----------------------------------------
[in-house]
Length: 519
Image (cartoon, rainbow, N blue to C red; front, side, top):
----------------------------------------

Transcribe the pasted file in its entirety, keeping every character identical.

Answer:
[in-house]
Length: 519
Image (cartoon, rainbow, N blue to C red; front, side, top):